Laptev Sea(redirected from Nordenskjold Sea)
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Laptev Sea(läp`tyĭf), section of the Arctic Ocean, c.250,900 sq mi (649,800 sq km), N Siberian Russia, between the Taymyr Peninsula and the New Siberian Islands. It is shallow sea and is frozen for most of the year. The Lena River empties into it through an extensive delta; the sea also receives the Khatanga and Yana rivers. The Laptev Sea, part of the Northern Sea Route, is navigable only during August and September; Tiksi and Nordvik are the chief ports. Formerly called the Nordenskjöld Sea for the Swedish explorer Nils Adolf Nordenskjöld, it was renamed in honor of Khariton and Dmitri Laptev, two Russian arctic explorers of the second Bering expedition.
(also Siberian Sea or Nordenskjöld Sea), a marginal sea of the Arctic Ocean between the coast of Siberia, the Taimyr Peninsula, and the Severnaia Zemlia and Novosibirskie islands. On the west it is connected with the Kara Sea by the Vil’kitskii, Shokal’skii, and Krasnaia Armiia straits; in the east it is connected with the East Siberian Sea by the Dmitrii Laptev, Eterikan, and Sannikov straits. The area of the sea is about 700,000 sq km; it has a water volume of 403,000 cu km, an average depth of 578 m, and a maximum depth of 3,385 m. The largest bays, Khatanga, Olenek, Buor-Khaia, and others, cut into the low, gently sloping coastline. Many rivers flow into the sea, the largest being the Lena, Khatanga, lana, Olenek, and Anabar. The Laptev Sea has several dozen islands with a total area of 3,784 sq km, primarily in the western part of the sea. Outcrops of relic ice of considerable thickness are found on the precipices along the shores of the Novosibirskie Islands. Melting and the action of waves and tides are greatly accelerating erosion here. For example, Semenov and Vasil’ev islands (74°12′ N lat., 133° E long.), which were discovered in 1815, have disappeared. Many remains of mammoths have been found in exposed layers of ice.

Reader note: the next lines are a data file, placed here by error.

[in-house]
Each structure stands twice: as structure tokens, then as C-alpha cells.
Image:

The Laptev Sea is located on the continental shelf, which drops off sharply toward the ocean floor. About 53 percent of the sea’s area is less than 50 m deep; 22 percent is more than 1,000 m deep. The floor of the deepwater part is silt, and in the remaining area the bottom is sand and silt. In the eastern part of the sea a second “ice” floor of relic ice is found under a thin layer of sediments.
Ancient rivers and glaciers played a fundamental part in shaping the relief of the floor and coasts.